In English we often say, for example, "he still has a ways to go before he's done." Is this grammatically correct?

  • 2
    Related question here. Dec 6, 2011 at 3:35
  • 5
    Ngram: "a ways to go" is reasonably common in American English (around half the frequency of "a way to go"), but rare in British English. I expect it would be considered ungrammatical in the U.K. Dec 6, 2011 at 3:44
  • 2
    @Peter: I'm afraid we probably do have to consider it "ungrammatical" (c'mon - it's a singular article with a plural noun!), but I think it's mostly seen as quaint and rustic. Like when a Yorkshireman says nowt instead of nothing, naught. More dialectal than uneducated, but ungrammatical nonetheless. Dec 6, 2011 at 6:25
  • 3
    @FumbleFingers, I don't agree it's "ungrammatical"; it's ordinary and common usage. wiktionary et al mark it as informal, but informal does not imply ungrammatical. Jul 30, 2013 at 17:07
  • 2
    @jwpat7: Well, yes - but I was really responding to Peter's point. You both being Americans, it's probably sufficiently common there even among competent/educated/careful speakers that you'd see it as "grammatical". I still think we (Brits) tend to see it as quaint, rustic, dialectal. Jul 30, 2013 at 19:13

5 Answers 5


AHD4 has the following entry for ways:

ways n. Informal (used with a sing. verb) Variant of way. See Usage Note at way.

The Usage Note states, in part:

In American English ways is often used as an equivalent of way in phrases such as a long ways to go. The usage is acceptable but is usually considered informal.

  • A comment on the dictionary entry--How would you use "a ways" (in the American sense we're talking about) with any verb, singular or plural? Its usual use is as a noun phrase acting as an adverb (e.g. "It's a ways farther down this road."), and I can't think how I'd ever use it as the subject of a sentence. Dec 6, 2011 at 20:44
  • 2
    @PeterShor I don't believe it happens very often. There is the following dialog from the play The Founders by Paul Green: "GOODY. Come, let's walk by the river, Austin. AUSTIN. A little ways. GOODY. A little ways is all I need."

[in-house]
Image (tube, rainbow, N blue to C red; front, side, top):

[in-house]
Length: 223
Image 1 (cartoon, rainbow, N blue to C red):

– D Krueger
    Dec 6, 2011 at 22:21
  • Very nice example. Dec 7, 2011 at 0:56
  • @DKrueger: That example doesn't really say anything, though, since we'd also say e.g. "three apples is all I need".
    – ruakh
    May 3, 2014 at 1:14

As an idiom, the phrase seems well-established in the United States. As Peter Shor said, Ngram shows evidence of this. The Corpus of Contemporary American English gives me 138 hits for "a ways to go" and 193 for "a way to go". Many of these hits are from published print sources. (In the British National Corpus I get no hits for "a ways to go".)

As a native English speaker, I think "a ways to go" sounds fine.

EDIT: Also, see page 949 of the Merriam-Webster's Dictionary of English Usage.

  • 4
    I'm British, and it doesn't bother me at all. I know perfectly well it's American, and I imagine most Brits do. But we don't mind talking like Yanks now and then - like some of us sometimes say "buddy" instead of "mate", even though we recognise that such things aren't really our Queen's proper English. Dec 6, 2011 at 6:14
  • 5
    We should note, though, that in American English "a ways to go" means something very specific. The hits for "a way to go" aren't really comparable, as the sentences will almost always be addressing something entirely different (e.g., "Is there a way to go to the store without passing any traffic lights?").
    – user13141
    Dec 6, 2011 at 12:10
  • @FumbeFingers: Do Americans really say 'buddy'? None that I know. Sounds like a movie thing to me. That is, as a call-name 'hey, buddy'...sounds not old fashioned, but from old TV shows like 'Leave it to Beaver'. As a noun...well, this all for another question.
    – Mitch
    Dec 22, 2011 at 0:25